The Bids Sure Are Getting Hostile


What's the matter with a little hostility? Nothing at all, if you ask Dimitri J. Boylan, chief executive of online employment service HotJobs.com. Six months after he set plans to merge with TMP Worldwide Inc., parent of rival Monster.com, media giant Yahoo! Inc. on Dec. 12 barged in with an unsolicited offer to buy HotJobs for $436 million in cash and stock.

With $81 million more on the table than TMP was willing to pay by late December and stronger growth prospects, it took less than three weeks for Boylan to say yes to Yahoo's hostile bid. "[I was] surprised to get the phone call, but not surprised by the strategy," says Boylan.

HotJobs isn't the only company on the receiving end of such calls these days. As companies ranging from cable-television provider AT&T Broadband to cruise liner P&O Princess Cruises have discovered, hostile takeovers are back with a vengeance. The combination of a weakened economy, downtrodden stock prices, and new accounting practices sent hostile bids soaring in 2001, with more on the way. "We've clearly seen an uptick," says David M. Baum, co-head of mergers and acquisitions in North America at Goldman, Sachs & Co. "And we're likely to see unsolicited activity accelerate."

NEW BREED OF PREDATOR. Indeed, from just $40 billion in 2000, the value of announced hostile deals more than doubled last year, to $94 billion. That's well above the $81 billion peak hit in the 1988 heyday of the hostile deal, and close to the record set in 1999 as the stock market topped out. That year, the combination of lofty share prices and one outsized deal by Pfizer Inc. -- which paid $90 billion for Warner-Lambert Co. -- led to a record $103 billion in hostile deals.

Not surprisingly, all that predatory dealmaking is also spurring more companies to take defensive maneuvers: The adoption of shareholder-rights plans known as poison pills is also back up. And that's not the only way the hostile takeover game has changed since it first burst on the scene in the 1980s. Then, corporate raiders like Carl C. Icahn and Henry R. Kravis scoured the landscape for companies with undervalued assets to restructure and sell. Now, the predators are more likely to be blue-chip industry leaders like Comcast, which is buying AT&T Broadband, and Weyerhaeuser, which is trying to combine with Willamette Industries.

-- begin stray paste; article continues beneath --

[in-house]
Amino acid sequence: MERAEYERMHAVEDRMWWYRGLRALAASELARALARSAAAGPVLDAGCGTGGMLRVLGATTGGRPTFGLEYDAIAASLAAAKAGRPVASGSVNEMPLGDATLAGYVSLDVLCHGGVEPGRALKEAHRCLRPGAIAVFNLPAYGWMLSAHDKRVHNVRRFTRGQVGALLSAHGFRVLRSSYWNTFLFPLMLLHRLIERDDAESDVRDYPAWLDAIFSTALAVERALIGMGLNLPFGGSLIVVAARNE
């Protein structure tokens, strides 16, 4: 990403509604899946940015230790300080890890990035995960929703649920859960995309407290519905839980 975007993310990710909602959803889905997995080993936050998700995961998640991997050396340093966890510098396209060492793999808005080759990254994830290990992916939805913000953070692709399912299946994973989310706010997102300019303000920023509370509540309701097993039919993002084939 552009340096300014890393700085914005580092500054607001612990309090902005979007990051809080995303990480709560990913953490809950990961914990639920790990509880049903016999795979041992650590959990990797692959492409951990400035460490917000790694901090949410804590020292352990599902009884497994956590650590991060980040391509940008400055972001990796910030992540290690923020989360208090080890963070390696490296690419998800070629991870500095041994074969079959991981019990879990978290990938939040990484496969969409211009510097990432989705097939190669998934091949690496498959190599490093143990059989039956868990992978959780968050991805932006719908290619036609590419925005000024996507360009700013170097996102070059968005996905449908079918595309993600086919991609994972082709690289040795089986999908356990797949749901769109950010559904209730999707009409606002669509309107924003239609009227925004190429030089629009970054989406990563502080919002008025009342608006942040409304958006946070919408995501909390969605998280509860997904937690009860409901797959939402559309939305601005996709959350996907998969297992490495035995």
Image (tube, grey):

Why the rise in hostile deals now? The recession is the driving force behind the trend. The weak economy, scarce profits, and rampant overcapacity in many sectors have pushed industry leaders to try to strengthen their positions by forcing consolidation. And for those with the financial muscle, there's little question plenty of assets and businesses can now be gotten on the cheap. With the Standard & Poor's 500-stock index down 13% in 2001 alone, shares of weaker companies are at bargain-basement prices.

READY TO WALK. For mainstream companies, the repercussions of failing at a hostile bid also have lessened. Because failing to pull off a deal used to be considered a major embarrassment on Wall Street, acquirers felt compelled to engage in bidding wars no matter what the cost--so they thought long and hard before moving ahead. Now, even if a takeover fails, investors often reward a predator. "We're seeing more companies make proposals on transactions that are prepared to walk away if the deal does not create value for their shareholders," says Donald Meltzer, head of global M&A at Credit Suisse First Boston.

Regulatory changes are also giving companies greater incentive to fire away. Bankers expect the antitrust environment under President Bush's Administration to be easier, so CEOs are less worried about making aggressive offers to gobble up smaller rivals. "Coming out of the recession, people are less concerned about these issues than getting things rolling again,"